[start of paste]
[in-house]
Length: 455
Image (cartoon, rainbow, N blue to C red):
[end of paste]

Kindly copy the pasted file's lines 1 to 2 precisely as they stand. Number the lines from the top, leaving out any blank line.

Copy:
[in-house]
Length: 455